EudraVigilance signal detection methods help detect drug safety issues earlier

EudraVigilance signal detection methods help detect drug safety issues earlier
Adding EudraVigilance statistical signal detection methods to routine drug safety monitoring methods leads to earlier detection of safety issues

An evaluation of the use of the European Medicines Agency's statistical signal detection method in the adverse drug reaction data collected in the EudraVigilance database has shown a significantly earlier detection of drug safety issues in about 54% of cases where a clinically important adverse drug reaction report was found (compared to ‘routine' pharmacovigilance).

The study which was published in Drug Safety, the journal of the International Society of Pharmacovigilance, was carried out by the European Medicines Agency and was conducted in relation to centrally authorised medicines. It provides direct evidence for a strong additive role of Eudravigilance signal detection methods. The study also underlines the importance of established pharmacovigilance systems, such as active surveillance, clinical trials or periodic safety update reporting, and concludes that a combination of routine pharmacovigilance and statistical signal detection provides the optimal safety monitoring with earlier detection and better management of safety issues, thereby improving the protection of public health.

EudraVigilance is the European Union database for adverse drug reaction reports. It provides a single repository for all spontaneous reports of suspected serious adverse reactions concerning medicines that are authorised in the European Union received via the national competent authorities for medicines regulation and the pharmaceutical industry.

While the study looked at statistical signal detection retrospectively, the European Medicines Agency is now routinely using the statistical signal detection method to strengthen signal detection for centrally authorised medicines. By detecting new or changing safety issues with medicines earlier, action can be taken more quickly to reduce the risk to the public. This is one important way in which EudraVigilance makes a contribution to the health of EU citizens through reducing the suffering caused by adverse reactions.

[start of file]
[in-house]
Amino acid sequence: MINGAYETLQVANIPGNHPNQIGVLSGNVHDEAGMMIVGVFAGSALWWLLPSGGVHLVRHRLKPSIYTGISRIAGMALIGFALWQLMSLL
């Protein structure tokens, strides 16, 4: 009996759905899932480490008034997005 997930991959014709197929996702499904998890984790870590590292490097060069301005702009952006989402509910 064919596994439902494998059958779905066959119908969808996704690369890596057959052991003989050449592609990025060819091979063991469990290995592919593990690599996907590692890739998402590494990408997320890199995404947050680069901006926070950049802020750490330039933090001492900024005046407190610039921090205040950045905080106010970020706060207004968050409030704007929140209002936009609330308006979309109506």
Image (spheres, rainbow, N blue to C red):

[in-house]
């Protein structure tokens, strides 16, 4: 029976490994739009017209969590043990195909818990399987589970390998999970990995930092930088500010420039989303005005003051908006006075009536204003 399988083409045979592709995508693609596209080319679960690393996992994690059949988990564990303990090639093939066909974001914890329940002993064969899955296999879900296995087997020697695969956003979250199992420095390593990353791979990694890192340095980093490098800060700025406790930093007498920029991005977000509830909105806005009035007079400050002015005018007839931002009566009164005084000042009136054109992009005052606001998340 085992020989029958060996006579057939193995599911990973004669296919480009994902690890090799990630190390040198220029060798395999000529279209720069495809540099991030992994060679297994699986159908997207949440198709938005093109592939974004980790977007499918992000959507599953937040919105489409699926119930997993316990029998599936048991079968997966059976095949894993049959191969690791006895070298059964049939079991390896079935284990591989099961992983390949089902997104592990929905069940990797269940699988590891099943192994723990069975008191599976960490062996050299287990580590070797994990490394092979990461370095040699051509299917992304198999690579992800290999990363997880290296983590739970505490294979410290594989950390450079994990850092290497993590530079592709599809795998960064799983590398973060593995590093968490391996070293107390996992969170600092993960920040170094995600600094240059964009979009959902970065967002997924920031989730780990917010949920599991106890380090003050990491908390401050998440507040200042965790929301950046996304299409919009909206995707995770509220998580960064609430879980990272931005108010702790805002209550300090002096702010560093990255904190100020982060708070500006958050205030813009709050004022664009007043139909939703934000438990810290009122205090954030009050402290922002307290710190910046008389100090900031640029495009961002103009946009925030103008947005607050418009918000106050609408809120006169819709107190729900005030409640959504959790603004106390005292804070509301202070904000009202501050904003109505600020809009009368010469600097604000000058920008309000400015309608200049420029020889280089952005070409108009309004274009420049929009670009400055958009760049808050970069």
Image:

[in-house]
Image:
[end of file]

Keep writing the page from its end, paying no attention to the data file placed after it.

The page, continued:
The development of EudraVigilance and the use of statistical signal detection methods is an essential part of the European Risk Management Strategy (ERMS), a multi-annual programme aiming to provide EudraVigilance signal detection methods help detect drug safety issues earlier
for a more proactive conduct of pharmacovigilance by putting in place measures that allow for the early detection, assessment, minimisation and communication of risks of medicines in Europe throughout their lifecycle.
The Agency's commitment to the continuous improvement of the safety monitoring of medicines is also underlined by its central coordinating role in PROTECT, a project of the Innovative Medicines Initiative (IMI), which is aimed at strengthening the monitoring of the benefits and risks of medicines in Europe by developing innovative tools and methods that will enhance the early detection and assessment of adverse drug reactions.
Notes
1.
The reference for the study is: Alvarez Y., Hidalgo A., Maignen F., Slattery J., 2010. Validation of Statistical Signal Detection Procedures in EudraVigilance Post Authorisation Data: a retrospective evaluation of the potential for earlier signalling. Drug Safety, 33(6), pp. 475-487
2.
More information on the European Risk Management Strategy is available here: http://www.ema.europa.eu/htms/human/phv/communications.htm
3.
More information on the PROTECT initiative can be found here: http://www.imi-protect.eu/index.html
4.
This press release, together with other information on the work of the European Medicines Agency, can be found on the Agency's website: www.ema.europa.eu
Contact our press officers
Martin Harvey Allchurch or Monika Benstetter
Tel. +44 (0)20 7418 8427
E-mail: [email protected]

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